Now, can I think of other ways I would like to spend my Sunday than having three consecutive hour-long practices of my moot court argument? Yes. Yes, I can.
Can I think of anything that has been more valuable to my legal education besides moot court? Barring internships and jobs where I have actually been working in the field (see Installment Two), no. No, I can’t.
Last semester, I had the pleasure and privilege of serving as the ASP leader for the Appellate Writing and Advocacy classes, which serve as the prerequisite for Marquette’s growing Moot Court program. As an icebreaker the first time I met the classes, I made reference to a presentation I am writing for 1L students who are interested in getting involved in Moot Court. It was entitled “WHY IN THE WORLD WOULD I WRITE A BRIEF IN MY SECOND YEAR OF LAW SCHOOL IF I DON’T HAVE TO?” The hilarity I anticipated did not ensue. I could see tiny thought bubbles popping up above the students’ heads. They read: “Ah, yeah. Wait. Why am I doing this?”
(1) Because advocacy is about to be your job. It doesn’t matter if you intend to work in litigation, if you want to do transactional work, alternative dispute resolution, or even tax. Your written and oral advocacy skills are what you will soon bring to the table as an attorney. Carpenters build things. Welders weld. Your job, at the risk of oversimplifying things, is to be elegantly pushy. And friends, that means that there is someone out there who will be employed to elegantly (or not-so-elegantly) push back at you. Now, many of us law types have been told from a young age, after engaging in unnecessary debate with our unsuspecting friends, parents, and significant others: “You’d make a good lawyer.” But engaging in oratory battle with the unarmed, or with people who don’t really care if you win because they just want you to be quiet, is quite different from what you’re about to do for a living. Soon there will be someone whose job it is to make sure you don’t get what you want and who will stand up in broad daylight and tell decision-makers why you are wrong. Is this discomforting? To me, yes. Deeply disconcerting, in fact. But taking Appellate Writing, participating in the Jenkins Competition, and now the National Appellate Advocacy Competition (which has gobbled up my Saturdays like so many Brussel Sprouts) has given me the chance to practice advocacy. And that has been invaluable to both my skills and my confidence.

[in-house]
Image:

(2) Because no one knows how to write an appellate brief yet. And no one knows how to do oral arguments yet. When you take Appellate Writing, you will be taught these skills. That’s why it’s a class. In my humble opinion, this is worlds better than trying your own hand at these new skills for the first time while you’re out in practice and someone’s actual life or money is riding on your performance.
(3) Because making oral arguments is scary, and it scares everyone. Because you hate public speaking and everyone hates public speaking. The judges can ask you anything. You might not have an answer. Your opponent might know things you don’t know, and you can bet he or she is going to point those out. But like anything worthwhile, making an oral argument is a learned skill. You should do yourself the favor of figuring out how to do it well before the rest of the world figures out you can’t. And when you stand up and are able to spar with Federal District Court judges and retired Wisconsin Supreme Court justices (as the participants in our Marquette Jenkins competition and the national competitions often do in their final rounds), you are going to feel really good about yourself. Because it’s cool.
A flashback to the moment I decided to go to law school: I used to work for a marvelous non-profit in Seattle that provided outreach and support services to Asian seniors. My agency approved the distribution of Medicaid benefits to our clients, and thus, when someone’s benefits were going to be reduced or cut off, they were entitled to a hearing. A hearing with me as the representative of the federal and state governments.
Me and my degree in Sociolinguistics. Representing the federal government. At a hearing. With a judge. And laws. I was, in short, not enthused about this prospect.
There, I got to know one of my favorite attorneys ever, a real spark plug of a woman who worked for the Department of Social and Health Services in Washington state. I was on the phone with her about one or two thousand times a day. She was decisive, articulate, worldly, funny, excellent at anticipating legal issues, a veritable administrative regulation encyclopedia, and an all-around rock star.
One day at a training for the various Washington state employees who coordinated hearings, this marvelous woman was going to give a presentation. Five minutes before it started, I felt a panicked hand on my elbow. I turned around and saw her panicked eyes. She said: “You have to come up there and stand with me.” I said: “What? Why?” Because she hated speaking in front of people. It made her want to run. I reminded her that she was a lawyer. This changed nothing. She was still horrified of speaking in front of people. I was amazed. And because lawyers could be horrified of public speaking, I became convinced I, too, could be a lawyer.
Through my work in Appellate Writing and in moot court, I am starting to think that I may not be a lawyer who hates speaking in public. Much.
(4) Because in your third year, Marquette might buy you a plane ticket and a hotel room. You pay some tuition, your books are expensive, you work hard. Learn this skill and polish it; then live it up some.